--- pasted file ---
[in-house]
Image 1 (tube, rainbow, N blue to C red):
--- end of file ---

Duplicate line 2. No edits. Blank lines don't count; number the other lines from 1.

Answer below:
Image 1 (tube, rainbow, N blue to C red):